Reduce your Eco-anxiety by Traveling with Care

February 26, 2024
Ailin Fei

Ailin Fei

Climate change can affect your mental health through emotional distress and anxiety about the future. As climate change worsens, the news becomes filled with concerning articles and as public awareness of the great impact increases, more and more people are experiencing distressing mental health symptoms. Eco-anxiety has been defined by the American Psychological Association as "a chronic fear of environmental doom" (Clayton et al., 2017). These feelings can lead to sleep problems, appetite changes and difficulty concentrating. Heightened eco-anxiety can also fuel tension in relationships with friends and family, especially if they hold disparate views on climate change.

Travel-related eco-anxiety tends to be triggered by our knowledge that we are negatively affecting the Earth in the process of exploring it. From the amount of CO2 emitted while traveling to the sunscreen we wear affecting coral reefs, every choice has an impact. More tourists are now concerned with being criticized due to the negative impacts of travel on climate change. Eco-anxious traveling may cause overwhelming feelings of hopelessness, despair, guilt, shame and climate grief. Even so, most people love to travel and recognize the benefits it can bring. Fortunately, there are some practical steps every traveler can undertake to ensure their travel has positive outcomes for the world–and the destination communities we visit. To reduce eco-anxiety and the concerns of unsustainability when traveling, consider these tips:

Jonathon Day

Jonathon Day

Tip No. 1– Consider implementing “greener” practices during your travels. It can reduce distress when you live more in line with your personal values. While traveling, try to compost, reduce your plastic use and walk when you can. It can make a difference, even if it’s a small one. One of the simplest and easiest options to combat eco-anxiety is to focus on what you can control.

More eco-friendly travel practices can include: bringing reusable bags on your trips and shopping locally and at zero-waste or refill stores can be a fun way to explore your destination. You can fill up containers with bulk food and personal care items like shampoo, soap and face cleanser. That way you can pack light. Choose to travel light and only pack the essentials. Less baggage means fewer worries, especially when you’re visiting multiple places.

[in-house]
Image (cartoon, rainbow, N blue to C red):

Tip No. 2– Consider partaking in mindful traveling. Try to spend more time in nature, slow down and practice gratitude. Practicing gratitude can have a positive effect on our experiences. Being able to travel is a privilege and is something to be grateful for. Practicing meditation is part of living a mindful lifestyle. You can still meditate even if you’re on the go by taking meditative walks. Look for local parks and green spaces where you can take some quiet walks. Or start with a popular tourist attraction but explore it at a slower pace so you can really soak in your surroundings.

Tip No. 3– Help change the system. Many of the best ways to improve the sustainability of travel require systemic change. That may sound like a heavy load, but there are ways every individual can help change things for the better. Make sure you show your support for companies working to be more sustainable. Let travel companies know that you expect sustainable options when you travel by filling out a glowing guest satisfaction survey. Support policies that encourage sustainable infrastructure investments, reduce the use of non-renewable energy and invest in more sustainable aviation and transportation. Perhaps most importantly, tell your friends about what you do to travel responsibly. Making responsible travel the norm will help bring about the change we need.

“Mindfulness practices, as well as meditation, can be very effective for just grounding oneself in the present moment, bringing you back to baseline when you might otherwise be spiraling.”
-Britt Wray, author of Gen Dread

For more information on how to travel more responsibly, visit

Ailin Fei: is a third-year Ph.D. student studying hospitality and tourism management at Purdue University. Her research area focuses on responsible travel behavior and behavioral change. She serves as the director of marketing for the Travel Care Code Initiative.

Jonathon Day: Jonathon Day’s research focuses on sustainable tourism and responsible travel. He specializes in destination stewardship, climate change and tourism, and encouraging pro-environmental consumer behaviors.